The Castlegate is the city's main public square. It's located at the east end of Union Street.
High Street in Old Aberdeen, at the heart of the University of Aberdeen's King's College campus, seen in the 1980s. The scene today, aside from the cars, is unchanged.

On foot

Walking is an excellent way to get around Aberdeen, particularly around central areas, as the city centre is relatively compact. Walking is also by far the best way to appreciate the grand architecture of the city. However, the city is not that small (e.g. Union Street is one mile long) so for journeys outside of the city centre, wheeled transport may be useful.

Pedestrian Maps

Aberdeen has a mediaeval layout like many cities in the UK, so for the first-time visitor, a map is helpful. There are quite a few of these located on signs around the city centre, mainly in points of interest (e.g. the Castlegate). However, it is very useful to have a map of the city to carry with you. You can buy maps from the Tourist Information Centre on the corner of Union Street and Shiprow, city bookstores, or you can order one online such as at amazon.co.uk. If you won't be leaving the city centre, you can also print one out from the internet before you arrive. Alternatively, a smartphone's map feature can be very useful as the city is covered in detail by services such as Google Maps. Aberdeen walking directions can be planned online with the walkit.com walking route planner.

By bus

His Majesty's Theatre, seen from Union Terrace Gardens

Most city bus routes are operated by First Aberdeen , a division of global transport company FirstGroup who have their international HQ next to the bus station on King Street. FirstGroup is an Aberdeen company; it developed out of the Aberdeen city bus corporation after it was privatised in the 1980s, and grew massively following numerous mergers and takeovers (they run many UK bus and train services, including ScotRail until 2014, and own the Greyhound bus network in the United States). Some city buses are also run by Stagecoach Bluebird , who operate routes such as numbers 5, 9U, 59, as well as the 727 airport bus. However, apart from these routes, most Stagecoach Bluebird buses are running between the bus station at Union Square and towns and villages in Aberdeenshire or further afield in the region. While these regional buses do pick up and stop at city bus stops, they are a less useful option for within-city transport.

Today there are around 22 city bus routes run by First Aberdeen and 3 by Stagecoach Bluebird and most operate on a hub-and-spoke system, i.e. a route starts in a suburb or on the outskirts, comes in through the city centre, and then goes out to another suburb. Services begin around 5AM and end close to midnight with a few night services at weekends. The First network uses a colour-coded system with main routes having a colour (e.g. 3 is purple, 20 is indigo, 1&2 are red) while less important routes have no colour. The map is in the style of the London Underground which helps to find your way around. Information on routes is available on First Aberdeen's website , but for face-to-face info, bus maps, timetables and bus passes, call into the First Travel Centre on Union Street, between Market Street and the Shiprow. It is open 9-5 every day except Sunday and public holidays. You can get info about all Stagecoach Bluebird routes at the Bus Station at Union Square or on their website.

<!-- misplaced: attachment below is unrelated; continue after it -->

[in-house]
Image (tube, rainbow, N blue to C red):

To use the bus you pay the driver as you get on. Tell him or her your destination and he/she will tell you the fare or sell you a day ticket. Press one of the "stop" buttons around the bus when you are nearing your destination and the bus will stop at the next bus stop. First Aberdeen buses do not carry any change at all so you need to use the exact money. As of June 2015, an adult single fare on city buses is usually £2.20 but is £2.60 if the journey is longer, while all child tickets are £1.10. An adult return ticket (also valid for two journeys on different routes) is usually £3.75 but is £4.00 for longer journeys. If you'll be using more than two buses a day, a day ticket gives travel on all First buses that day; for adults this day ticket costs £4.00 (or £3.00 if issued after 7pm) and £3.50 with a university-issued student ID card. You can also buy a carnet from the First Aberdeen travel shop on Union Street or any shop with a PayPoint outlet (usually newsagents or small convenience stores; they have a yellow "PayPoint" sign outside).

All buses are modern and have low-floor access; some routes (e.g. 1 and 2) use articulated "bendy" buses. First Aberdeen has a monopoly on city bus routes and a reputation for mediocre service and high fares compared to other cities. Citizens frequently complain about the service, but in truth most services are fairly good, with routes that pass the universities (e.g. 1 and 2) being especially frequent during term-time. After 7pm all run only every 30 minutes. Stagecoach Bluebird city buses run on few routes at the moment but are often slightly cheaper, and drivers give change.